10×10 Shed Plans

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This step by step diy project is about 10×10 gable shed plans. I have designed this 10×10 gable shed so you can store the garden tools and other small items in a stylish manner. This shed features 7′ tall side walls and a roof with a 22.5 degree slope, making it both easy to build and nice to look at. Take a look over the rest of my woodworking plans, if you want to get more building inspiration.

When buying the lumber, you should select the planks with great care, making sure they are straight and without any visible flaws (cracks, knots, twists, decay). Investing in cedar or other weather resistant lumber is a good idea, as it will pay off on the long run. Use a spirit level to plumb and align the components, before inserting the galvanized screws, otherwise the project won’t have a symmetrical look. If you have all the materials and tools required for the project, you could get the job done in about a day.



Projects made from these plans



10×10 Shed Plans

Building a 10x10 shed

Building a 10×10 shed


  • A – 3 pieces of 6×6 lumber – 10″ long SKIDS
  • B – 2 pieces of 2×6 lumber – 120″ long, 9 pieces – 117″long FLOOR
  • B – 2 pieces of 3/4″ plywood – 48″x96″ long, 2 pieces – 24″x48″ long, 1 piece – 24″x96″ long, 1 piece – 24″x24″ long FLOORING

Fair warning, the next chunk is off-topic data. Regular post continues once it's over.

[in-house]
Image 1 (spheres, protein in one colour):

• C – 2 pieces of 2×4 lumber – 120″ long, 1 piece – 113″ long, 11 piece – 81″ long 2xSIDE WALL
  • D – 2 pieces of 2×4 lumber – 20 1/2″ long, 1 piece – 120″ long, 1 piece – 113″ long, 6 pieces – 81″ long, 2 pieces – 75 1/2″ long, 2 pieces of 2×6 lumber – 75″ long FRONT WALL
  • E – 2 pieces of 2×4 lumber – 120″ long, 2 pieces – 113″ long, 9 pieces – 81″ long BACK WALL
  • F – 8 pieces of T1-11 – 48″x88″ long, 3 pieces – 24″x88″ long, 1 piece – 8 1/2″x24″ long SIDING

 One day



It’s that simple to build a 10×10 Shed – Video!



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How to build a 10×10 gable shed

Building the floor frame

Building the floor frame

The first step of the project is to build the floor frame. As you can easily notice in the diagram, you need use 2×6 lumber for the joists. Mark the cut lines on the beams and then get the job done with a saw. Smooth the edges flush and then lay them on a level surface.

Place the joists every 16″ on center and make sure the corners are square. Drill pilot holes through the rim joists and then insert 3 1/2″ screws into the perpendicular components.